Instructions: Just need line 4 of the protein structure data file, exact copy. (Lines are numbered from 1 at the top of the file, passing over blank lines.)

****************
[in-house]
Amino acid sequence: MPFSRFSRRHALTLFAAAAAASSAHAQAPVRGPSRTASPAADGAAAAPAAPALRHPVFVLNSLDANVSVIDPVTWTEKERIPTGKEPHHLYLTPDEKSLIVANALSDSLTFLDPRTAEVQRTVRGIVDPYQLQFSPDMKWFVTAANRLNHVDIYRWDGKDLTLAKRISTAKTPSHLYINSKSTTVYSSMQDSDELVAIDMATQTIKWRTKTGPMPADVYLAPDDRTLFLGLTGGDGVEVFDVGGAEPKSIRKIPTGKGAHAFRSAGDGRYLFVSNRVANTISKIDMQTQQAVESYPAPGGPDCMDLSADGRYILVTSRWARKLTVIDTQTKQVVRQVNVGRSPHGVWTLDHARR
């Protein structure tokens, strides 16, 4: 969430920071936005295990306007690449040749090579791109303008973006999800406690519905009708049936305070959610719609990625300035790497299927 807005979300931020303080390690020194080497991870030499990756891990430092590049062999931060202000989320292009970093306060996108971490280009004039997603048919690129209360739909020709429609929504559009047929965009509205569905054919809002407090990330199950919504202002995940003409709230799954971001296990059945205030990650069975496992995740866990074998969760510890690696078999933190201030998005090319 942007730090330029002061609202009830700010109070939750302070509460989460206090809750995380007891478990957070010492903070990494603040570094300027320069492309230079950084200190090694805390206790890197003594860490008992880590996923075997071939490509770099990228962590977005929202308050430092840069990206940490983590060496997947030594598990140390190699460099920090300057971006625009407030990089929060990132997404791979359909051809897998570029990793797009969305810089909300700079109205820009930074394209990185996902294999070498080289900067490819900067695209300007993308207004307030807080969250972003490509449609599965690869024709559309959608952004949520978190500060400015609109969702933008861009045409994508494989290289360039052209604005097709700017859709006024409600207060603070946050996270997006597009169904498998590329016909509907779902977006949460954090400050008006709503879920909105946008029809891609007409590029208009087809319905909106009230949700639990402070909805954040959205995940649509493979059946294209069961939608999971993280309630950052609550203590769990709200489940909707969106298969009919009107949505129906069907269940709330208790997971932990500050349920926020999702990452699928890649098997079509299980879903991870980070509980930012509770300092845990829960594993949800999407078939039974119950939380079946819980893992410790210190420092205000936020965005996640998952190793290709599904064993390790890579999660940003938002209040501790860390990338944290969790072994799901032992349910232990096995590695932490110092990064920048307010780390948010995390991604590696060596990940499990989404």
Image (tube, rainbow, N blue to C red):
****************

Image (tube, rainbow, N blue to C red):